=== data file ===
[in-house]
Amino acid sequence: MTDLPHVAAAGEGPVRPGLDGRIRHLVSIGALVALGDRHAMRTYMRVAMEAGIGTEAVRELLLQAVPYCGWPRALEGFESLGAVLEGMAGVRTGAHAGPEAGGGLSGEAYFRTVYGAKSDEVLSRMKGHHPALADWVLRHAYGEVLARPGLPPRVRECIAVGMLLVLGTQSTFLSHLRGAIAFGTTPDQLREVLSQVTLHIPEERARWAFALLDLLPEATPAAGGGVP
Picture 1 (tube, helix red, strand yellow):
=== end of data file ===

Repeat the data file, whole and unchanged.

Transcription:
[in-house]
Amino acid sequence: MTDLPHVAAAGEGPVRPGLDGRIRHLVSIGALVALGDRHAMRTYMRVAMEAGIGTEAVRELLLQAVPYCGWPRALEGFESLGAVLEGMAGVRTGAHAGPEAGGGLSGEAYFRTVYGAKSDEVLSRMKGHHPALADWVLRHAYGEVLARPGLPPRVRECIAVGMLLVLGTQSTFLSHLRGAIAFGTTPDQLREVLSQVTLHIPEERARWAFALLDLLPEATPAAGGGVP
Picture 1 (tube, helix red, strand yellow):